Libya's commitment to ending the bases agreements with the West has major implications for military air routes
Britain and the United States believe that the present Libyan government has no desire to break the bases agreements with the West, which are financially rewarding and militarily comforting. But in the separate negotiations they are having with King Idris's government, they were surprised to meet nearly as tough Libyan demands in private discussion as in the opening sessions of the formal talks. Both sets of these are now are now in temporary recess. Neither has got beyond the stage of preliminary skirmishing – the US talks lasted only one day.
The Libyan government is committed by its Parliament to seek a complete end to the bases, defence agreements and other facilities given to Britain and the USA. Therefore the public line of the negotiations (and even secret negotiations on such matters are soon public in North Africa) could not but help be tough. But the adamant stand in private contacts can be explained by:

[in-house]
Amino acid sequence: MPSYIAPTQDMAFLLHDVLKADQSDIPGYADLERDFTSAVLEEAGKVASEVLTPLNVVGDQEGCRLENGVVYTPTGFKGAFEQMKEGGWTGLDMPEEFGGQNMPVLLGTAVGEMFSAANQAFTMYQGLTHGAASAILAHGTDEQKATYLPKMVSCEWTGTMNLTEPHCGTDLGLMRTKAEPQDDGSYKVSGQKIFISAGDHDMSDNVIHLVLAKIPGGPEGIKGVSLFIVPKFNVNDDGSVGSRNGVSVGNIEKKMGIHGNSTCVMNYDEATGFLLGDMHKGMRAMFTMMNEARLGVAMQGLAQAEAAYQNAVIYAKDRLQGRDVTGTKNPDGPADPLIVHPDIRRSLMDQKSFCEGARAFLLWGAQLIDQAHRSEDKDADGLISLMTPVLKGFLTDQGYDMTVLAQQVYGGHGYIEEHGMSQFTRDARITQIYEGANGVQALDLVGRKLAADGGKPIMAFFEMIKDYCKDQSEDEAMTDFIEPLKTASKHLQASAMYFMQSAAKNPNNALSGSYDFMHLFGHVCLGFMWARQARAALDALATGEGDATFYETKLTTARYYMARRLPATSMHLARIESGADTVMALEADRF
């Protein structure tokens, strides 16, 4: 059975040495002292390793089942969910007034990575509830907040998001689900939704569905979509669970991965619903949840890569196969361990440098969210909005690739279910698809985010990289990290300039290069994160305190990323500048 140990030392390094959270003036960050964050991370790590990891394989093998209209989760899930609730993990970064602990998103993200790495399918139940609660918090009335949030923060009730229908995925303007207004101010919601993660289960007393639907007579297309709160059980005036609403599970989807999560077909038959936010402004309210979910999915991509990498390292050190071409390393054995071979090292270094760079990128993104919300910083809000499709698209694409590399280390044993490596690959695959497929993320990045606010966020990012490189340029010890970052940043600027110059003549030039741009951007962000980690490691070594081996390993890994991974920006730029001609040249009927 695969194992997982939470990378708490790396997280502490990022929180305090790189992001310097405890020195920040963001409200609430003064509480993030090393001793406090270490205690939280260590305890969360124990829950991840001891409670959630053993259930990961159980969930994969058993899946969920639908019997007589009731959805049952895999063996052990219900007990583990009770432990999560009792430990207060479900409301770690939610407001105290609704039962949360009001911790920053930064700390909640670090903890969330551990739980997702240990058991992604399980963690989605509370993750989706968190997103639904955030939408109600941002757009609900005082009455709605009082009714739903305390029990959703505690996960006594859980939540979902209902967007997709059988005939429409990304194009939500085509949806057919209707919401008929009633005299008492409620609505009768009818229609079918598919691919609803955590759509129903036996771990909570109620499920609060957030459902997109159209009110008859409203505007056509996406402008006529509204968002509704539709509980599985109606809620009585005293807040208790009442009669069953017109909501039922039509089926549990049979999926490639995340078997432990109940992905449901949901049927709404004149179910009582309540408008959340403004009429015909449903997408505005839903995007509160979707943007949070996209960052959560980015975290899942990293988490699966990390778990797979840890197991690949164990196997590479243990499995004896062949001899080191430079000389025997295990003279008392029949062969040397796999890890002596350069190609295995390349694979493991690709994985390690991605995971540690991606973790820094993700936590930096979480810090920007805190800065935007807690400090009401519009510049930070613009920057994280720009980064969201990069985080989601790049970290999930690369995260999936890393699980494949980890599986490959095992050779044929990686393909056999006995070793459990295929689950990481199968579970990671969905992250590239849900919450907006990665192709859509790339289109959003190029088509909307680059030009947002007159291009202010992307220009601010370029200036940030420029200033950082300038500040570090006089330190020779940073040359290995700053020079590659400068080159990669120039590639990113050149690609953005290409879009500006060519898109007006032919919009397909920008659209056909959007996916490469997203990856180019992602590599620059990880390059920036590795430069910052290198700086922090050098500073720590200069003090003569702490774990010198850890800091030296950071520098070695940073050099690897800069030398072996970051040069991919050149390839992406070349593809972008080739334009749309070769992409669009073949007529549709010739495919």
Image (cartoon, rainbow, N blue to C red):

1) The continued pressure from Egypt's President Gamal Abdel Nasser; and by the fortunately timed assistance this has received from Mr Nikita Sergeyevich Krushchev's visit to the UAR [United Arab Republic, Egypt], where he has mixed praise for the cornucopia-bearing Aswan project with blasts against the British bases.
2) The situation in Aden – and particularly the use of British air-power there.
3) The recognition that it would be difficult to keep quiet any discrepancy between attitudes taken up in formal and informal talks.